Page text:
I've read several studies doing what they call 'pulse' dosing where a steroid is used for several days in a row and then halted for several more days to give the tissue time to repair itself since steroids can thin the tissue in a fairly short amount of time and then continued again in a cyclic pattern as being the better way to use them. Another suggestion was to use the steroids only on the weekends for 2-3 days - but I am assuming that's once one is well and as maintenance, as initially it's often used more often than that.
Potent class I steroids (like those listed in the heading) 'must' be tapered down and not dropped cold turkey, else you may have what is called a 'rebound' effect that can leave you much worse off than the original problem. Too much can be very damaging to the tissue as it can thin the tissue in a fairly short amount of time and give you the same or even worse symptoms than you're trying to correct. One study shows that thinning effect after only 3 days use of clobetasol (microscopically). I mention that only to show you it’s a potent medication and to not overuse it, but I do not want you to be frightened of it either.
Steroids are wonderful and can be a godsend no doubt, so please don't be afraid of them, just be aware. Generally within 2 -3 weeks you 'should' be seeing 'some' benefits. If not or if you are even worse, I'd definitely taper down and NOT use more; MORE is NOT better with a steroid! I cannot stress this enough - it's a very potent medicine, but used correctly can be a godsend.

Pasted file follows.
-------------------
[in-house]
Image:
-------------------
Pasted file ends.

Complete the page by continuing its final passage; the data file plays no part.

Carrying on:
If you're doing well and things are improving a 'typical' recommendation is a PEASIZE amount - enough to make a 'light' film over the painful area and gently massaged in, 2 X a day for approx. 3 weeks to a month (some physicians suggest six weeks) then taper down to one time a day for another 3 wks to a month, then go to a maintenance of perhaps 2-3 X a week, down to perhaps once a week, until you find your own level of maintenance.
But again, IF you see NO improvement or are getting worse after a few weeks usage of a steroid, please consider what I suggested above. You should see 'some' improvement within a 2 week time frame. If not, you may be allergic to it or you may have herpes unbeknownst too (steroids can aggravate herpes and are a real negative with that). Or you may need to switch to a different brand. I would definitely call my physician if that happens and let them know. I would prefer the once a day usage as enough - but that's me - and have seen that suggested, though it's not typical protocol. So don't be afraid if your physician does suggest twice a day, since that is moreso the standard when 'first' going on the steroids for LS.